You can download Toolbox and try it out for free here (no registration needed).
1. Force Quit Using the Apple Menu
The most conventional and effective way to close frozen programs is to go to the macOS® menu bar, located along the top of the screen in the Finder menu.
To force quit an application, simply do the following:
- Click on the black apple icon in the upper-left corner.
- From the drop-down menu, select “Force Quit…”. You will be directed to the new window named “Force Quit Application” where all the magic happens.
- Now all you have to do is select the application you want to close and choose “Force Quit.”
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If you don’t know which application is stuck, pay attention to the ones that have the note “Not Responding.” This usually appears next to frozen applications.
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2. Force Quit with Mac Shortcut
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To do the same thing but faster, use Mac shortcut keys to close frozen applications.
- On your keyboard, press and hold Command + Option + Esc. It will immediately bring up a “Force Quit Application” window.
- Select the frozen application from the dialogue box and select “Force Quit.”
This could be your go-to method if the mouse or trackpad is lagging.
3. Close Application from Activity Monitor (Ctrl+Alt+Del Alternative)
Here’s the pinnacle of this article.
Very few Apple owners know that macOS provides an almost identical alternative to the traditional PC Control+Alt+Delete shortcut—and does it better. Yes, we all know that in Windows that keyboard shortcut is often used to open the Task Manager window. (To be honest, it’s needed too often, which is why we’re on a Mac.) From Task Manager, you can track applications, services, performance, and processes, and kill some of them when they’re unresponsive.
You can easily do all of that and more on the macOS native application called Activity Monitor.
To kill an application using Activity Monitor, do the following.
1. On your keyboard, press Command + Space, or click on Spotlight in the top-right corner of the screen.
2. In the “Spotlight Search” window, start typing “Activity Monitor.”
3. Once Activity Monitor is highlighted, hit Enter.
4. In the Activity Monitor processes list, select the application you want to quit and click “Force a process to quit” in the left corner.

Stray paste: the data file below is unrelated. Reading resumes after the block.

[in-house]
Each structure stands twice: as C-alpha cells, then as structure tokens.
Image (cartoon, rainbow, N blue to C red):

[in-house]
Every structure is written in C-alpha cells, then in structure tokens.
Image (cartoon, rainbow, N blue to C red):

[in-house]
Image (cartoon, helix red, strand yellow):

What to Do If Force Quit Isn’t Working?
If all the applications stop responding and you can’t quit them using one of the methods described above, you can force your Mac to restart. To do so, press and hold the Control+Command+Power buttons.
Export mac app to text. Alternatively, you can force Mac to shut down by pressing and holding the power button, or use one of the many other shortcuts.
What’s the Solution?
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Since your Mac doesn’t have enough space to run all those applications you need, the most obvious step would be to increase the RAM. If you own an iMac® or the older generation of MacBook Pro®, you can simply buy memory and upgrade your existing computer. With the new Mac generation, you don’t have that option anymore because the RAM is glued and soldered to the motherboard. You either buy a new computer or struggle.
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Alternatively, you can clean your memory to free up space using Parallels® Toolbox. Parallels designed a tool set for macOS and PC users to efficiently manage their computer with just a few clicks—without any professional knowledge needed. Within the application (which is available to try for free), you can easily free up unused computer memory, clean your drive, and help your Mac run at max speed with a dozen other useful utilities.
If you’re interested in learning how easily one click can save precious disk space, check out how much space I took back with the Parallels Toolbox tool Clean Drive:
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In one click (and about 10 seconds), I successfully removed 4 GB of clutter and reclaimed space on my hard drive.
So there you have it. Take care of your Mac with those quick tips, and remember to always save your work!